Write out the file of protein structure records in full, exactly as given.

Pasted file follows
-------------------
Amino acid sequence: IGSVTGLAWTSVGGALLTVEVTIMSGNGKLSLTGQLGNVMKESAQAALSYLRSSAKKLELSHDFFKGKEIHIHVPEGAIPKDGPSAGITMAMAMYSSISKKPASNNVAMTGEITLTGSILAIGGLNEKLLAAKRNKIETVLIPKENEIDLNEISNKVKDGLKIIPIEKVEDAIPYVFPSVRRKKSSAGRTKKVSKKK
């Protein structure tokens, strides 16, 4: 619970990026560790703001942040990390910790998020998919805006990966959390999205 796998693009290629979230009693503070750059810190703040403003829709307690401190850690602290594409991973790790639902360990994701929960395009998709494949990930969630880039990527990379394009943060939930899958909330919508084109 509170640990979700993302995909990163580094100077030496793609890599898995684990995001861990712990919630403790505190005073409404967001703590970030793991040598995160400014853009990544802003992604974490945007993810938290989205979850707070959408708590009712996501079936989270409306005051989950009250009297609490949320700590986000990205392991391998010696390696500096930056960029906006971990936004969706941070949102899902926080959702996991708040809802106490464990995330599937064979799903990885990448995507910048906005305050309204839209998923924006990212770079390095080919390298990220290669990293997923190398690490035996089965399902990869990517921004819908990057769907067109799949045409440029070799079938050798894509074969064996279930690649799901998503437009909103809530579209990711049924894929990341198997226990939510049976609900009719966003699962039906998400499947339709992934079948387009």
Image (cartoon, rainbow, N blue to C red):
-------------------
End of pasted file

Amino acid sequence: IGSVTGLAWTSVGGALLTVEVTIMSGNGKLSLTGQLGNVMKESAQAALSYLRSSAKKLELSHDFFKGKEIHIHVPEGAIPKDGPSAGITMAMAMYSSISKKPASNNVAMTGEITLTGSILAIGGLNEKLLAAKRNKIETVLIPKENEIDLNEISNKVKDGLKIIPIEKVEDAIPYVFPSVRRKKSSAGRTKKVSKKK
């Protein structure tokens, strides 16, 4: 619970990026560790703001942040990390910790998020998919805006990966959390999205 796998693009290629979230009693503070750059810190703040403003829709307690401190850690602290594409991973790790639902360990994701929960395009998709494949990930969630880039990527990379394009943060939930899958909330919508084109 509170640990979700993302995909990163580094100077030496793609890599898995684990995001861990712990919630403790505190005073409404967001703590970030793991040598995160400014853009990544802003992604974490945007993810938290989205979850707070959408708590009712996501079936989270409306005051989950009250009297609490949320700590986000990205392991391998010696390696500096930056960029906006971990936004969706941070949102899902926080959702996991708040809802106490464990995330599937064979799903990885990448995507910048906005305050309204839209998923924006990212770079390095080919390298990220290669990293997923190398690490035996089965399902990869990517921004819908990057769907067109799949045409440029070799079938050798894509074969064996279930690649799901998503437009909103809530579209990711049924894929990341198997226990939510049976609900009719966003699962039906998400499947339709992934079948387009």
Image (cartoon, rainbow, N blue to C red):